INTRO: About a dozen improv comedy troupes are in town this week for four nights of performances at the Dallas Comedy Festival. Improvisation workshops will also be taught. But can you really teach someone to be funny? KERA’s Stephen Becker asked that question to the festival’s founders. Listen to his report from KERA radio here:
If you can laugh, then you can probably make others laugh, too. Clay Barton says the key is figuring out how.
CLAY: “Everyone has some sort of sense of humor, and finding our comedic voice is the hard part.”
Barton and his partner, Amanda Austin, teach improvisation classes at the Dallas Comedy House. That’s the group behind the Dallas Comedy Festival. They say that the key to finding that comedic voice is freeing yourself to let loose and be silly.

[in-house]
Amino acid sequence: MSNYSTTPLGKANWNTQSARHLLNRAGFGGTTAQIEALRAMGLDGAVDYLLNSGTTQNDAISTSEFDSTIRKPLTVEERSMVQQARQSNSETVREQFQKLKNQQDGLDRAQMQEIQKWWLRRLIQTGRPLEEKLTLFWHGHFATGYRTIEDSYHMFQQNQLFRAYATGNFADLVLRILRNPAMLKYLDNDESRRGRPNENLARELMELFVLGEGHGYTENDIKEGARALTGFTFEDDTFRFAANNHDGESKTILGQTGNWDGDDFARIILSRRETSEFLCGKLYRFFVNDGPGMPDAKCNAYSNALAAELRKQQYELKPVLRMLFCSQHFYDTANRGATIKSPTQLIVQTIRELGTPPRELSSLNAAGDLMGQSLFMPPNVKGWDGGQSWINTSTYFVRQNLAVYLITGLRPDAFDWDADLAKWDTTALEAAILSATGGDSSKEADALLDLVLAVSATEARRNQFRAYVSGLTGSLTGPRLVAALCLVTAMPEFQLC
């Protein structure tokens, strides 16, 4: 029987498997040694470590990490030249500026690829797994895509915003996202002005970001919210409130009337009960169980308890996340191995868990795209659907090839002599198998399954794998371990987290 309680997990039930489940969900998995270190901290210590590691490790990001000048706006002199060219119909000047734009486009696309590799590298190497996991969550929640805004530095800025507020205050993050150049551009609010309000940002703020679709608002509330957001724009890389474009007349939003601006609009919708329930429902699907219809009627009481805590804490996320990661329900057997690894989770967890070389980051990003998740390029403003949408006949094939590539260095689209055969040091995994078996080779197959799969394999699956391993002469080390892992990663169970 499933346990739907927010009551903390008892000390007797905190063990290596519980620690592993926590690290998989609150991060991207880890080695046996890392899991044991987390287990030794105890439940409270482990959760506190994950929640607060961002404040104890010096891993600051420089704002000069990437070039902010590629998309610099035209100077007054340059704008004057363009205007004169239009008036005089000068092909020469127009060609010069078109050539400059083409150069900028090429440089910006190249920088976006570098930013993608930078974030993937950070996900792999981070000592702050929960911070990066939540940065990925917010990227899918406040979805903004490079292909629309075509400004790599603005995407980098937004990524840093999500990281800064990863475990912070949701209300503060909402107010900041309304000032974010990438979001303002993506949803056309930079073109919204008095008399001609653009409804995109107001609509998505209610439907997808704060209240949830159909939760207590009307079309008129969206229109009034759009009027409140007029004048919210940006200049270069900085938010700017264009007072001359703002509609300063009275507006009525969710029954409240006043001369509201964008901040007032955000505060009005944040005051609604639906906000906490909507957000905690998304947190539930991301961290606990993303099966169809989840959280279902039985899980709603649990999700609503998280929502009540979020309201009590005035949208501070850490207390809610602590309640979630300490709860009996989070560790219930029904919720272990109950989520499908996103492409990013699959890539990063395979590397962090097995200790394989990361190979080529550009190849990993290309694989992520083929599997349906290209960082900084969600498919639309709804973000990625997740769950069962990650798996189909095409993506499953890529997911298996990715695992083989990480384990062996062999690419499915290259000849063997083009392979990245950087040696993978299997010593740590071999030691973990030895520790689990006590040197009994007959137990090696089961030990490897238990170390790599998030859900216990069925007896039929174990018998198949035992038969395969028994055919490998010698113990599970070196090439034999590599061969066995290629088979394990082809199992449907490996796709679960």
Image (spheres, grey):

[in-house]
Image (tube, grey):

AMANDA: “The ones who end up being really successful are the ones who really don’t care at all about their image or anything like that and they’ll just get out there and do stuff.”
Still, that can be tough for people who are used to keeping up appearances. Barton says it’s obvious when performers haven’t let their guard down.
CLAY: “So what we were seeing wasn’t them. It was their defenses. Once they came out of that, it looked a lot different.”
The teachers say it’s actually pretty easy to spot beginning performers who’re starting to get it. They look like younger versions of themselves.
CLAY: “Everybody’s been a kid before, and most people liked that time, so it’s kinda teaching them to play again. You remember that you weren’t self-conscious as a kid, and it’s OK to be not self-conscious now. That’s inside everybody, and most people want that.”
If you’re having trouble locating that inner child, the festival offers workshops Friday and Saturday to help you find him.